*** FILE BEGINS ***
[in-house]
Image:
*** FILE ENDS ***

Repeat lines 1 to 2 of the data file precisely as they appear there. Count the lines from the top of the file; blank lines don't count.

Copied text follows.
[in-house]
Image: